And as someone who works also with the conservation of whales and sharks, I very much support the large oceanic MPAs. It is simply not true that they make coastal MPAs become neglected. We are now working towards bringing up several coastal MPAs for Brazil that are already in the government pipeline. Whether or not they are designated will have nothing to do with targets or the previous establishment of oceanic ones, but rather with our capacity to overcome the domestic political hurdles to their establishment, which is (and has always been) a step-by-step and case-by-case struggle.

David Obura: “We need to move toward the perspective that the right modes of protection are needed”


Editor’s note: David is the coordinator for Coastal Oceans Research and Development – Indian Ocean (CORDIO) East Africa, supporting activities in mainland Africa and Indian Ocean island states. The primary focus of CORDIO East Africa is the implications of threats to the health of coral reefs and their long-term prospects and provision of socio-economic benefits.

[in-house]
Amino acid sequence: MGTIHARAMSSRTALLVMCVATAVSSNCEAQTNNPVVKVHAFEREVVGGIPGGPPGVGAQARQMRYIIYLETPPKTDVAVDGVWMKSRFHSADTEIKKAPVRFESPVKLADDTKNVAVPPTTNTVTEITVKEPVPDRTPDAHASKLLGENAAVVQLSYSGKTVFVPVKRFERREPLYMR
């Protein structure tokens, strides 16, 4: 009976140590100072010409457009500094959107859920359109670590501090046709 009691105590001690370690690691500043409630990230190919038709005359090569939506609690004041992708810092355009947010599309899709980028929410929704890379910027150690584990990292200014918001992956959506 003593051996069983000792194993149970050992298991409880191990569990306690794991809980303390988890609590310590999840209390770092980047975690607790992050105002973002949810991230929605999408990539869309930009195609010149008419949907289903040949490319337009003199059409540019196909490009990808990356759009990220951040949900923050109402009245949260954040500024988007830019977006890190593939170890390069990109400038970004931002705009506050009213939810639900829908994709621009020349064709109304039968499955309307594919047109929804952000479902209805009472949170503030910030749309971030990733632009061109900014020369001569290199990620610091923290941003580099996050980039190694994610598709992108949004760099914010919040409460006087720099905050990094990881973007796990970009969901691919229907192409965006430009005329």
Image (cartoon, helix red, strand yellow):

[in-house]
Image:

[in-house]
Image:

On the large vs. small debate

It is not that we shouldn’t protect the least impacted sites, which may be large and offshore. But we have to develop a diverse portfolio. In the long run, 100% of the planet’s surface will have to be managed somehow, and hopefully in all cases to improve condition (except where full transformation is unavoidable, e.g., a city or mine, etc.). Species need a size, type, and location of protection that is relevant to their life history, and in many cases this may not mean a large MPA in remote, not-impacted places.

We need to move toward the perspective that the right modes of protection are needed. In many cases a spatial tool such as a no-take zone is the most effective and practical, especially where there is high diversity and limited knowledge. But as knowledge increases, more and more nuanced management can be developed. Also, the scale of protection needs to match people: their awareness, use types, tenure, etc. In moderately to densely populated locations (which coastlines are increasingly becoming), this also means the size of no-take zones must necessarily be limited, so that an individual can access use zones with the relevant technology that they have access to.